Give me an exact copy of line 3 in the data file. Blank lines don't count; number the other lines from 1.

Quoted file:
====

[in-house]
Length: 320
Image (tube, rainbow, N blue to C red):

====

Image (tube, rainbow, N blue to C red):